Service user participation in the assessment of students' practice
Gemma Stacey & Julie Gosling
University of Nottingham
Patient and Public Involvement
This educational development offers the opportunity for pre-registration nursing students to receive feedback on their interpersonal and assessment skills from a person who has experienced using mental health services (community assessor). The feedback is generated following a 45-minute interaction between the student and the community assessor which is filmed and observed by a mental health clinician. Feedback is received from the lived experience assessor, the clinician and through self-evaluation. This feedback forms the basis of a reflective assignment which represents the summative element of a module. The process involved the following stages:
- Training day for community assessors
- Briefing session for mental health clinicians and lecturers
- Briefing session for students
- Assessment conducted over two days for 30 students
- Feedback and recordings returned to students
- One to one support offered for students to reflect on feedback
- Immediately following the assessments
- Analysis of assignments to identify key aspects of learning
What are the Aims?
The initiative aimed to address the Nursing and Midwifery Council’s recommendation for service users to be involved in the assessment of student nurses’ practice. The approach adopted ensured that both students and lived experience assessors were prepared and supported to exchange constructive feedback which avoided tokenistic or ethically questionable strategies which have been previously criticised in the literature.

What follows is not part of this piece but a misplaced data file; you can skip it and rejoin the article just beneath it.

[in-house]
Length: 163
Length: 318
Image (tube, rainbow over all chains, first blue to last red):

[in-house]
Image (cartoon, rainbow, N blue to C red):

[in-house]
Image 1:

Who was/is involved?
Gemma Stacey (Associate Professor, University of Nottingham) and Julie Gosling (Educational lead for Making Waves a service user led organisation) led the preparation, training and implementation of the initiative. Over 30 lived experience assessors have been trained and conducted assessments over a period of two years.
What has changed/will change?
The reflective assignments have undergone content analysis to identify the impact of the educational encounter. It is evident that the depth of personal reflection initiated by the feedback is significant. Evaluation indicates that students were most challenged by the shift in power as they were the focus of the assessment as opposed to being in the assessor role. This was both a facilitator and barrier to learning as some gained highly from the understanding of how it felt to be under the scrutiny of others whilst some students adopted a defensive stance towards this scenario.
What lessons have we learnt?
The preparation and support of students to enable them to receive and reflectively engage with the constructive feedback from lived experience assessors is essential for the encounter to offer opportunity for professional and personal development.